Place des Vosges has been one of the most sought-after addresses in the French capital. It is a square in Paris, France, built by King Henri IV in 1605-1612. This square is in the 3rd and 4th arrondissements of Paris on the right bank of the River Seine. It was a fashionable place for French aristocracy and other nobility to congregate.
When you visit the Place des Vosges, it’s like going back in time to the reign of the French kings. The royal square is surrounded by buildings that are uniform in composition and height. The only exceptions to this uniformity are the Pavilion of the King, or Pavillon du Roi, on the south side and the Pavilion of the Queen, or Pavillon de la Reine, on its opposite side.
Place des Vosges is a small, peaceful square in the middle of the lively Marais District. It has four equal sections divided by roads. It connects well to the businesses and cafes in the neighboring buildings, and it has markets in its bustling arcades. The municipal authority strictly regulates the area around the Place to preserve the historic character of Paris’s oldest public space.
There are many things to do in this beautiful square, and your experience will be improved with some knowledge of its history. Read on to find out more about Place des Vosges before your next trip.
Table of Contents
- Place des Vosges History
- The site of Hôtel des Tournelles
- After Henry II and before Place des Vosges
- Construction of Place Royale
- Renaming the square to Place des Vosges
- Place des Vosges today
- How to Get to Place des Vosges
- Things to do in Place des Vosges
- Check out the window displays and art galleries
- Visit the Victor Hugo Museum
- Enjoy a picnic
- Have a meal in the arcades
- Things to do Near Place Des Vosges
Place des Vosges History
The ground where the Place des Vosges stand has a lot of history, from being a mere house to being owned by the royal family. The land and property were passed on and sold for decades until they fell into Henry II’s hands.
The site of Hôtel des Tournelles
The royal family owned the magnificent Hotel de Tournelle, which was constructed in 1388. Several extravagant and out-of-the-ordinary celebrations took place at the hotel. The site hosted its final celebration in 1559, honoring the marriage of Élisabeth of France and Philip II of Spain, and the marriage of King Francis I’s sister, Marguerite of France, to the duke of Savoy.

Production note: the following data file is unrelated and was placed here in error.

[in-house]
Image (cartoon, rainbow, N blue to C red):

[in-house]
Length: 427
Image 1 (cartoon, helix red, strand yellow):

A tournament was held on June 29 on rue Saint-Antoine, the widest street in Paris at the time and now known as the La Grant rue St. Anthoine. An unintentional lance stab gravely wounded King Henry II during a joust in front of the Hôtel de Sully. The king died on July 10, 1559, at the Hôtel des Tournelles after being moved there in tremendous pain.
Queen Catherine de Medici disapproved of the Hôtel des Tournelles’ medieval decor and used her husband’s death as an excuse to sell it. After becoming regent for Henry’s minor boys, she converted the estate into an arsenal, closing and demolishing it later.
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After Henry II and before Place des Vosges
The Marché aux chevaux, or horse market, was established in the repurposed stables. Some of the Hôtel’s property was sold off, but the enormous remaining estate is now used for military exercises.
It was here in January of 1589 that the mercenaries tasked with protecting Paris from Henry IV of France got some much-needed exercise. As time passed, it also became a popular place for brutal duels.
As early as August 1603, Henry IV attempted to repurpose the Hôtel to house a silk, gold, and silver factory by bringing in Italian artisans. In 1604, he finally issued an order to have his minister, Sully, take measurements. He gave a plot of land to his most influential noblemen, who constructed pavilions there.
Construction of Place Royale
The Place des Vosges was originally known as Place Royale. It is one of the oldest parks in Paris, built between 1605 and 1612. The square was built by King Henri IV, who died two years before its completion. It was inaugurated at the wedding of King Louis XIII and Anne d’Autriche.
Place Royale is a forerunner to the residential squares of European cities. It’s a true square (140 x 140 meters), and the buildings are quite uniform, except for the King’s Pavilion and the Queen’s Pavilion, which are higher. The building facades were constructed out of red brick with strips of stone quoins over vaulted arcades supported by square pillars.
Dormers with small panes puncture the steeply pitched blue slate roofs above the pedimented dormers that rest on the cornices. The vaulted ceilings intended for the “galleries” can be seen in the construction of the north range. Access to the area is provided by triple arches in the center of the north and south facades of two pavilions that rise above the uniform roofline of the square.
Despite the name Place Royale, neither the King nor the Queen ever resided in the aristocratic square; the only real royal to do so was Anne of Austria, who spent a brief period in the Pavilion de la Reine. After it was built, Paris underwent a series of transformations that produced an urban setting befitting the French aristocracy and nobility.
The area functioned as a gathering spot for the nobles and was frequently the scene of friendly conversation. It was like this up until the French Revolution.
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Renaming the square to Place des Vosges
In 1799, the Place Royale became Place des Vosges as the Vosges département became the first to contribute to a Revolutionary Army campaign through taxation. In 1870, during the brief Second Republic, the revolutionary name was reinstated, notwithstanding the Restoration’s reinstatement of the previous royal name.
Place des Vosges today